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    World food prices should stay high because of rising energy costs and the use of biofuels, but they may ease after stocks are replenished, the Food and Agriculture Organization (FAO) said on Thursday.

    Senior officials from the U.N. agency, testifying by video link to a Canadian Senate committee, cautioned lawmakers to consider the effects on world markets of any attempt to require a minimum content of biofuels in gasoline and diesel.

    "Our message is, 'Please be aware',"said the chief of the FAO's trade and markets division, Ali Gurkan. "The actions that you take might have spillover effects outside your borders."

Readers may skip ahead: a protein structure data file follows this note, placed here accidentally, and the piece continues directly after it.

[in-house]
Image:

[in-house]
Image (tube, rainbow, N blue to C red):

FAO commodities economist Abdolreza Abbassian said price rises for major grains in the past year have had less to do with food being diverted to biofuels than with below-average yields and drought.

    But for the current growing season, he said corn prices will likely be supported by 20 million tonnes in new demand for ethanol, combined with lower U.S. plantings. Barring big weather problems, production should fall by 30-35 million tonnes from last year's record output in the United States, he said.

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